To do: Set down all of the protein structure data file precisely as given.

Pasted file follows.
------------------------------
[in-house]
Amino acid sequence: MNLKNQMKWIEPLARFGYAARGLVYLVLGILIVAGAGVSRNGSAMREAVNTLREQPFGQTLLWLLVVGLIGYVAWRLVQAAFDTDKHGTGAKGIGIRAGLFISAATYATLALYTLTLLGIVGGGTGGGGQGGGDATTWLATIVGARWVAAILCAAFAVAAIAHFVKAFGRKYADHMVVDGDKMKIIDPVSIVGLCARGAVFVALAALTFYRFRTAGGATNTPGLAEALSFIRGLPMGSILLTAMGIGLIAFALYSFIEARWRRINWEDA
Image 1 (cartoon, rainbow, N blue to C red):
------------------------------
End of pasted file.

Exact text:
[in-house]
Amino acid sequence: MNLKNQMKWIEPLARFGYAARGLVYLVLGILIVAGAGVSRNGSAMREAVNTLREQPFGQTLLWLLVVGLIGYVAWRLVQAAFDTDKHGTGAKGIGIRAGLFISAATYATLALYTLTLLGIVGGGTGGGGQGGGDATTWLATIVGARWVAAILCAAFAVAAIAHFVKAFGRKYADHMVVDGDKMKIIDPVSIVGLCARGAVFVALAALTFYRFRTAGGATNTPGLAEALSFIRGLPMGSILLTAMGIGLIAFALYSFIEARWRRINWEDA
Image 1 (cartoon, rainbow, N blue to C red):